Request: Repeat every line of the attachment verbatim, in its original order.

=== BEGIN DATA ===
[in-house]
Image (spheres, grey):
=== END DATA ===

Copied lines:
[in-house]
Image (spheres, grey):